March 13th, 2010

Odd Lots

  • It happens all the time, but it's rare that we actually watch it happen: a comet falling into the Sun. (It's unclear to me what the brief tiny streaks are, since SOHO is a spacecraft and the image was not taken through Earth's atmosphere, where meteors would look like that. Meteors in the solar atmosphere?)
  • The SOHO spacecraft may also be shedding some light on why the recent solar minimum was so deep.
  • We've identified what may be a much better proxy for ancient climate: clam shells. Unlike tree growth rings, which may be affected by several factors like rainfall, sunlight, soil chemistry, and so on, clam shell growth (and the mix of isolotopes, particularly oxygen) seem very closely correlated to the temperature of the water in which the clam lived out its life.
  • Intel's Nehalen-based Gulftown CPU has been officially announced, with six 3.33 GHz cores and 32 nm traces connecting a boggling 1.2 billion transistors. They're calling it the Core I7-980X Extreme Edition, and it fits the LGA 1366 socket, which implies than it can be swapped in as an upgrade. (No confirmation on that yet.) You may be able to get an overclocked desktop system running all six cores at 4.3 GHz by April. And if that's not enough cores for you (four is way more than enough for me, if this past year's experience is any guide) we'll be seeing the eight-core Nehalen-EX (with 2.3 billion transistors) later this year, nominally for the server market.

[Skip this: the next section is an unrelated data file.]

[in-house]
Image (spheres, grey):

• I know, I know, AMD has its Magny-Cours 12-core Opteron server CPU, but the cores only run at 1.7 GHz--and more to the point, exist on two separate side-by-side six-core dies, which may be cheating a little. I'm sure they're very good chips, but sheesh! We still don't know how to do parallelism in general terms. Even AMD is puzzled, so they launched a contest titled, "What would you do with 48 cores?"
  • And if you don't believe me, open Windows Task Manager, click the Performance tab, and watch all your cores but one do nothing. To paraphrase George Carlin: What do cores do on their day off? They can't just lay around...that's their job!
  • Frank Glover put me on to an interesting hand-drawn animated movie that I hope to see fairly soon, if I can find anywhere playing it. (Distribution in the US is inexplicably a problem for them.) The Secret of Kells is about the Book of Kells, and (more intriguingly) is drawn in the style of medieval manuscript illumination. It took a few seconds watching the trailer to catch on, but eventually I had the feeling that I was watching manuscript illuminations come to life. Damned cool.
  • And 229 years ago today, Sir Frederick William Herschel first spotted Uranus.